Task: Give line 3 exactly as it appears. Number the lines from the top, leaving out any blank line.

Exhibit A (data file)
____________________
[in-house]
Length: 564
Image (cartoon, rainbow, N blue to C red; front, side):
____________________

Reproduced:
Image (cartoon, rainbow, N blue to C red; front, side):